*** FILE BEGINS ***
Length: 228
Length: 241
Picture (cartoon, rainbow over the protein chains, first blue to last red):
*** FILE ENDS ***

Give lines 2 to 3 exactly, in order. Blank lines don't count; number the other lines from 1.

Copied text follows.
Length: 241
Picture (cartoon, rainbow over the protein chains, first blue to last red):